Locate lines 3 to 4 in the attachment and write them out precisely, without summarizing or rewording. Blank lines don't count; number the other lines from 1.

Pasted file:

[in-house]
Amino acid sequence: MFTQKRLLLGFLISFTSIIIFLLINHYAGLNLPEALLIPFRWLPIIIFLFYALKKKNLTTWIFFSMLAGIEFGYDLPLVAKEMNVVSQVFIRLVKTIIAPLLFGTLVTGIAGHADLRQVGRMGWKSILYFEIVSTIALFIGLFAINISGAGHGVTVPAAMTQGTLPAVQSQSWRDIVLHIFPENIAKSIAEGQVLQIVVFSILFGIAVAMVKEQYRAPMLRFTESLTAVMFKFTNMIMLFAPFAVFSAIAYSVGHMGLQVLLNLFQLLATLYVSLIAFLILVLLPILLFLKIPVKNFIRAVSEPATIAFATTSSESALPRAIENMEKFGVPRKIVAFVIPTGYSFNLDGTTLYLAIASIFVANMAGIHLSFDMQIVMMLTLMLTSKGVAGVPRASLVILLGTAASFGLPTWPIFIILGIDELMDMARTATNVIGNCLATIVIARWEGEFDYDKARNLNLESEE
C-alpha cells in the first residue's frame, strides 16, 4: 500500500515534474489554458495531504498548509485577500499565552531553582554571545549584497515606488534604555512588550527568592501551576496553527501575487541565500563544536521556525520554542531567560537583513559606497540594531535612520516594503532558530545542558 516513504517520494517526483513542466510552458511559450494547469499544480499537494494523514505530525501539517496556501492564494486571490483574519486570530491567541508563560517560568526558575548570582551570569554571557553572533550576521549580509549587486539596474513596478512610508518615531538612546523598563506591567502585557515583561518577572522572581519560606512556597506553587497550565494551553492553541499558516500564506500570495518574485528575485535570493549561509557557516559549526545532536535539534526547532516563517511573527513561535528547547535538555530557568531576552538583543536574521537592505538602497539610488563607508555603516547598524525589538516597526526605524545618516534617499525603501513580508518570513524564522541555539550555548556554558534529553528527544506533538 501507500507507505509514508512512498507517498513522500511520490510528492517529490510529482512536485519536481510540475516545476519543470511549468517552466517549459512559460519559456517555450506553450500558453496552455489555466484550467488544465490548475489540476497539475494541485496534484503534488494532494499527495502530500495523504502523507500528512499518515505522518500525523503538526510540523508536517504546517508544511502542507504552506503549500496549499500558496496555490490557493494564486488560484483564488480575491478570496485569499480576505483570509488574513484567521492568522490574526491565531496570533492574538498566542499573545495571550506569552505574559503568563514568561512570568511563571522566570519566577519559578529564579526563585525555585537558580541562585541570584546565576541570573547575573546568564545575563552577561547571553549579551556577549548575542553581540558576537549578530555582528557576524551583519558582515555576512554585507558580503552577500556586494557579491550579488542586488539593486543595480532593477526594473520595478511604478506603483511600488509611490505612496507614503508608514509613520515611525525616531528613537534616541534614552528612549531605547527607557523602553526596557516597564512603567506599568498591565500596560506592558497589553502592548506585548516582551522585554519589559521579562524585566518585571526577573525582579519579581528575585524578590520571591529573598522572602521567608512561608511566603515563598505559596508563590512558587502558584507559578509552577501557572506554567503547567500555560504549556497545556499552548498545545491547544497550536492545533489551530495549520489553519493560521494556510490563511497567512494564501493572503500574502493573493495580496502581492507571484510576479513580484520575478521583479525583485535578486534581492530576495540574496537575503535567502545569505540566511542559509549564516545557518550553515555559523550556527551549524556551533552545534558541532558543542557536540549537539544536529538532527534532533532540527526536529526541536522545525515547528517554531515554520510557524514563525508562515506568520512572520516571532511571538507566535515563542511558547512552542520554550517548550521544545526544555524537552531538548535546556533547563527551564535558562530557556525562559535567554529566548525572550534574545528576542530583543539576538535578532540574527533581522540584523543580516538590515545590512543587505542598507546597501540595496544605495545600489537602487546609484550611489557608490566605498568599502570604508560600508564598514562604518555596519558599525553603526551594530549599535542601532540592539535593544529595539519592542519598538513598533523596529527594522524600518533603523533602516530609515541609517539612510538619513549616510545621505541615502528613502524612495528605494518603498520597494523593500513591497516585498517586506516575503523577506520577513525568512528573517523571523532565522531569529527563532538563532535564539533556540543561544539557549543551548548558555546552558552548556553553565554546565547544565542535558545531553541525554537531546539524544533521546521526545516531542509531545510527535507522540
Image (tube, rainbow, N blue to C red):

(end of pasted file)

C-alpha cells in the first residue's frame, strides 16, 4: 500500500515534474489554458495531504498548509485577500499565552531553582554571545549584497515606488534604555512588550527568592501551576496553527501575487541565500563544536521556525520554542531567560537583513559606497540594531535612520516594503532558530545542558 516513504517520494517526483513542466510552458511559450494547469499544480499537494494523514505530525501539517496556501492564494486571490483574519486570530491567541508563560517560568526558575548570582551570569554571557553572533550576521549580509549587486539596474513596478512610508518615531538612546523598563506591567502585557515583561518577572522572581519560606512556597506553587497550565494551553492553541499558516500564506500570495518574485528575485535570493549561509557557516559549526545532536535539534526547532516563517511573527513561535528547547535538555530557568531576552538583543536574521537592505538602497539610488563607508555603516547598524525589538516597526526605524545618516534617499525603501513580508518570513524564522541555539550555548556554558534529553528527544506533538 501507500507507505509514508512512498507517498513522500511520490510528492517529490510529482512536485519536481510540475516545476519543470511549468517552466517549459512559460519559456517555450506553450500558453496552455489555466484550467488544465490548475489540476497539475494541485496534484503534488494532494499527495502530500495523504502523507500528512499518515505522518500525523503538526510540523508536517504546517508544511502542507504552506503549500496549499500558496496555490490557493494564486488560484483564488480575491478570496485569499480576505483570509488574513484567521492568522490574526491565531496570533492574538498566542499573545495571550506569552505574559503568563514568561512570568511563571522566570519566577519559578529564579526563585525555585537558580541562585541570584546565576541570573547575573546568564545575563552577561547571553549579551556577549548575542553581540558576537549578530555582528557576524551583519558582515555576512554585507558580503552577500556586494557579491550579488542586488539593486543595480532593477526594473520595478511604478506603483511600488509611490505612496507614503508608514509613520515611525525616531528613537534616541534614552528612549531605547527607557523602553526596557516597564512603567506599568498591565500596560506592558497589553502592548506585548516582551522585554519589559521579562524585566518585571526577573525582579519579581528575585524578590520571591529573598522572602521567608512561608511566603515563598505559596508563590512558587502558584507559578509552577501557572506554567503547567500555560504549556497545556499552548498545545491547544497550536492545533489551530495549520489553519493560521494556510490563511497567512494564501493572503500574502493573493495580496502581492507571484510576479513580484520575478521583479525583485535578486534581492530576495540574496537575503535567502545569505540566511542559509549564516545557518550553515555559523550556527551549524556551533552545534558541532558543542557536540549537539544536529538532527534532533532540527526536529526541536522545525515547528517554531515554520510557524514563525508562515506568520512572520516571532511571538507566535515563542511558547512552542520554550517548550521544545526544555524537552531538548535546556533547563527551564535558562530557556525562559535567554529566548525572550534574545528576542530583543539576538535578532540574527533581522540584523543580516538590515545590512543587505542598507546597501540595496544605495545600489537602487546609484550611489557608490566605498568599502570604508560600508564598514562604518555596519558599525553603526551594530549599535542601532540592539535593544529595539519592542519598538513598533523596529527594522524600518533603523533602516530609515541609517539612510538619513549616510545621505541615502528613502524612495528605494518603498520597494523593500513591497516585498517586506516575503523577506520577513525568512528573517523571523532565522531569529527563532538563532535564539533556540543561544539557549543551548548558555546552558552548556553553565554546565547544565542535558545531553541525554537531546539524544533521546521526545516531542509531545510527535507522540
Image (tube, rainbow, N blue to C red):